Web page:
Friday, November 22, 2019
As a set of disciplines, the humanities face the challenge of how to write about embodied experiences that resist easy verbal categorization such as illness, pain, and healing. The recent emergence of interdisciplinary frameworks such as narrative medicine has offered a set of methodological approaches to address these challenges. Conceptualizing a field of medical and health humanities offers a broad umbrella under which to study the influence of medico-scientific ideas and practices on society. Whether by incorporating material culture such as medical artefacts, performing symptomatic readings of poems and novels, or excavating the implicit medical assumptions underlying auditory cultures, the approaches that emerge from a historiographical or interpretive framework are different from those coming from the physician’s black bag.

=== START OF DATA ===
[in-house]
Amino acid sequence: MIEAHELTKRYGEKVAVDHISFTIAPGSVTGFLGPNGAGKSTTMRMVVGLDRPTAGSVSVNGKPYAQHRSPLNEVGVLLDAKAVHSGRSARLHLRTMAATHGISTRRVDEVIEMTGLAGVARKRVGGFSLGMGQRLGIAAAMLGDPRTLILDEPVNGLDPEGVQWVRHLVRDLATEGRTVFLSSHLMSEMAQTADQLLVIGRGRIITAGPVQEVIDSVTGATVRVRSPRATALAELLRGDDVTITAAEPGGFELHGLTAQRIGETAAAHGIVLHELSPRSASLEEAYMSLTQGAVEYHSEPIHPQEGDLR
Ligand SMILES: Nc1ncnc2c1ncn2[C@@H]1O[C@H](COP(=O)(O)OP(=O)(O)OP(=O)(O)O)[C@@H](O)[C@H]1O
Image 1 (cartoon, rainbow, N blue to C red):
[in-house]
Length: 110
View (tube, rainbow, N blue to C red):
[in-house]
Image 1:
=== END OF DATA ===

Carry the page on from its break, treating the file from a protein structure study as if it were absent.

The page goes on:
The Explorations in the Medical Humanities Series explores the enigma of how what we write relates back to the experience of bodies in different stages of health and disease. Our speakers consider how the medical and health humanities build on and revise earlier notions of the “medical arts.” At stake are the problems of representation and the interpretation of cultural products from the past and present through medical models, and the challenge of establishing a set of humanistic competencies (observation, attention, judgment, narrative, historical perspective, ethics, creativity) that can inform medical practice.